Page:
Opening Mickey’s Toontown – 30 Years Ago at Disneyland

Serendipity is a word I have always enjoyed. It sounds as joyful as its meaning: the occurrence and development of events by chance in a happy or beneficial way. This month’s column, all about the opening of Mickey’s Toontown at Disneyland 30 years ago, falls on the same week that there will be a dedication of a new attraction, and a preview of the new Toontown that is to come.

On January 27 Disneyland will celebrate Toontown’s 30th birthday. Of course, officially, Mickey’s Toontown opened on January 24, 1993. Or did it?

Truth to tell, Toontown was not open that day. But that afternoon and evening (a Sunday), Toontown was the setting for a lavish party, hosted by Disney CEO Michael Eisner and attended by a galaxy of stars, including Robin Williams, Candice Bergen, Ted Danson, Tony Danza, Danny Devito, Tom Selleck, Dan Ackroyd, and Whoopi Goldberg.

Before the party, celebrity guests were paraded* down Main Street and past the Matterhorn in open cars, as awestruck fans eagerly snapped photos. And bringing up to the rear of the cavalcade were colorfully attired cast members, bearing signs reading, “Mickey’s Toontown or Bust,” “Mickey’s Toontown This Way,” and “Follow Me to Toontown.” So, of course, the crowd eagerly fell into step behind them, following them all the way to small world, where they were stopped in their tracks, and left watching as the Toontown gates swung shut for a private event.

So it wasn’t really an opening day, though it must have been a swell party.

The next day, Monday, January 25, was a media preview day, and again, no public was allowed. Among the events scheduled was an opening ceremony, complete with ribbon cutting. Disney CEO Michael Eisner and studio vice-chairman Roy E. Disney were on hand for photos and interviews. Harry Anderson, the star of the popular sitcom Night Court was the emcee for this particular welcome and dedication.

This is just one of the “official” images from that January 25th event.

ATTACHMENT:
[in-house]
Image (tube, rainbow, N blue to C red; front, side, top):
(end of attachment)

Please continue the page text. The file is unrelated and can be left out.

But the public was not invited, and Toontown was not yet open. Besides, official publicity issued at the time stated that Mickey’s Toontown was to open on Tuesday, January 26. And that is the day I was there to witness the one and only, genuine, original, grand opening of Mickey’s Toontown.

After clearing the crowd at rope drop at the head of Main Street, and making my way past the castle and the Matterhorn, this is the view that met my eyes. I had heard that the original intention was to simply open the gates that morning, but after the disappointment of the previous two days (and this was pre-internet!), an opening ceremony had been devised.

The media was out in full force, and were still working inside Mickey’s Toontown and at their “Media Village,” set up in the Fantasyland Theater.

And lest anyone doubt that there really were cast members carrying signs beckoning guests to a party to which they were not welcome, the signs had been placed in planter beds on each side of the entrance.

It was a tight space, but room had been reserved for a sign and lectern. (If it looks familiar, go back and look at the first photo.)

And with a small band and red carpet placed on the other side, it made for tight quarters. My apologies for the quality of the photos; it was the best a civilian could do in those days.

Host (or hostess, as we would say back then) for the event was 1993 Disneyland Ambassador to the world Kathleen Mitts (now Kathleen Mitts Micalizzi). This was one of her earlier duties as that year’s Ambassador. After a warm welcome, she introduced the celebrity who would be officiating over the actual opening ceremony. Considering the calibre of talent that had graced the premises just two days earlier, there was a flutter of anticipation. Could it be… Harry Anderson? Roy E. Disney? Michael Eisner?

Joining us on behalf of the Walt Disney Company was none other than… Disneyland Executive Vice-president Norm Doerges. He in turn introduced Mickey Mouse, and together they brought forward an official “first family” to officially cut the ribbon, signaling the official opening of the gates to Mickey’s Toontown.

As we surged forward, I finally got a good look at a couple who had been standing in front of me, and mildly bickering during lulls in the activity. If you look at the lower right corner of that ribbon-cutting photo, you may have noticed them, too.

These two.

As they moved forward, he even turned back for a moment. At that time (1993) the internet had not revealed the identity and image of every single person working at the Walt Disney Company. But I did hear some interesting context clues as the couple was exchanging comments. They needed to get inside, in order to reach scheduled interview appointments. She was all for simply heading to the front; he was in favor of staying in place. And there was embroidery on the back of his coat: Disney Character Voices.